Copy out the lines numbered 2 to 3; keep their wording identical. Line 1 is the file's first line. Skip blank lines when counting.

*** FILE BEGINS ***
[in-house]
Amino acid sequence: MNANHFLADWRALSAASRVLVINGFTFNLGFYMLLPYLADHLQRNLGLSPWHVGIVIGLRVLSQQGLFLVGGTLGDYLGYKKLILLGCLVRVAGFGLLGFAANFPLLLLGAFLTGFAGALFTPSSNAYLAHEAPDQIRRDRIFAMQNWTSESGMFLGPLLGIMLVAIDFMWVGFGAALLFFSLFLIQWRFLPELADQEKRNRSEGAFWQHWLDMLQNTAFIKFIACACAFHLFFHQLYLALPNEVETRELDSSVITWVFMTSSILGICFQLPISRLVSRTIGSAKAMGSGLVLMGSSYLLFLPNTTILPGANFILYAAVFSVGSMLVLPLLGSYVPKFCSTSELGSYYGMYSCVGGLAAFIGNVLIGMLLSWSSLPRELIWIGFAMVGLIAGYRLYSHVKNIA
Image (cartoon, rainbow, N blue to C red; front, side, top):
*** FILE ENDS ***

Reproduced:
Amino acid sequence: MNANHFLADWRALSAASRVLVINGFTFNLGFYMLLPYLADHLQRNLGLSPWHVGIVIGLRVLSQQGLFLVGGTLGDYLGYKKLILLGCLVRVAGFGLLGFAANFPLLLLGAFLTGFAGALFTPSSNAYLAHEAPDQIRRDRIFAMQNWTSESGMFLGPLLGIMLVAIDFMWVGFGAALLFFSLFLIQWRFLPELADQEKRNRSEGAFWQHWLDMLQNTAFIKFIACACAFHLFFHQLYLALPNEVETRELDSSVITWVFMTSSILGICFQLPISRLVSRTIGSAKAMGSGLVLMGSSYLLFLPNTTILPGANFILYAAVFSVGSMLVLPLLGSYVPKFCSTSELGSYYGMYSCVGGLAAFIGNVLIGMLLSWSSLPRELIWIGFAMVGLIAGYRLYSHVKNIA
Image (cartoon, rainbow, N blue to C red; front, side, top):